Creating a learning organisation
We are expanding our online learning resources so that every colleague can develop their skills and knowledge. We’ve launched a new development framework that translates our PRIDE values into demonstrable everyday skills and behaviours. Over 2,200 colleagues have used this to take part in learning relevant to them since April 2018. We’ll continue to develop the platform to support lifelong learning and development of our people.
Investing in the skills to deliver a fully digital organisation
Our technology investment to upgrade and develop our digital capabilities means we need to attract technology specialists to Nationwide. We’ve created a Technology Talent Squad to address this people challenge, responsible for both helping existing colleagues develop new skills and recruiting up to 1,000 new specialists – from software engineers to agile delivery experts – to work in Swindon and London.
Rewarding and recognising people
Fair pay and reward remain an important part of our ethos. This was the second year of Sharing in Success, our reward scheme that recognises every colleague’s contribution based on the Society’s overall performance. Instead of individual bonuses, all our people receive a variable pay award which in 2019 was 8.7% (2018: 9.5%). The award reflects our success in achieving things that are important to members – giving you better service than our peer group, serving more of our members’ needs, and achieving our cost-saving targets.
We also made a significant change in how we celebrate loyalty and long service. Following feedback from our people, who told us they valued time off to spend with friends and family, we have introduced a paid six-week sabbatical for everyone who works for Nationwide for 25 years.
Promoting diversity and inclusion
Our diversity and inclusion agenda is about creating a working environment where all our people feel valued, and able to combine their unique talents with those of other colleagues to make our Society stronger and more successful.
In 2015 we set ourselves challenging diversity targets to be achieved by the end of 2020. We’re pleased to have met our gender target, for women to fill between 33-35% of our most senior roles, ahead of schedule; 34.9% of senior roles are filled by women. We’re also close to achieving our target of 2.6% of roles at all levels being filled by disabled people (currently 2.5%). However, despite considerable efforts, achieving our Black, Asian and Minority Ethnic (BAME) targets has proved much more challenging than we anticipated. We were aiming for 8-15% of senior roles to be filled by BAME employees (currently 4.7%). We are creating progressive and sustainable plans to address this and stretch our ambition in all areas of diversity and inclusion.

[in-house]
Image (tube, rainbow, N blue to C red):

Each part of the Society is working to address its own priorities, with tailored diversity and inclusion action plans. For example, the Finance & Efficiency community has begun cultural awareness workshops to prevent potential unconscious bias. Each area of the Society has also appointed a senior manager to report progress monthly to our new Strategic Diversity and Inclusion Action Group.
As we are planning on recruiting up to 1,000 people to support our technology investment, we have also created a distinct people proposition and assessment process to help attract quality candidates who share our values. This includes making sure we are attractive to candidates who are neuro-diverse, such as people on the autism spectrum, widening our potential talent pool.
Gender pay gap
We published our second gender pay gap report in November 2018, which showed our mean average gender pay gap as at 5 April 2018 was 28% (compared with 29% in 2017). This is very much a function of the nature of our business and our resulting employee profile. Our overall gender pay gap is therefore driven by having far fewer men in our junior roles which reflects our long-term success in offering a variety of work patterns which appeal to individuals at different stages of their career. We are committed to achieving a more balanced gender distribution and are putting new programmes in place to help improve opportunities for women at senior levels.
Putting our members and their money first
Rising to the challenge
Doing the right thing in the right way
Excelling at relationships